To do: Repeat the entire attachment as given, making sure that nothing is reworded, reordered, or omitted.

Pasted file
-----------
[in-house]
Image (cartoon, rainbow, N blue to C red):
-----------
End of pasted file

[in-house]
Image (cartoon, rainbow, N blue to C red):